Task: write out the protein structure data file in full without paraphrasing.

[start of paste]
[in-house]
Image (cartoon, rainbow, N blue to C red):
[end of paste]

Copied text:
[in-house]
Image (cartoon, rainbow, N blue to C red):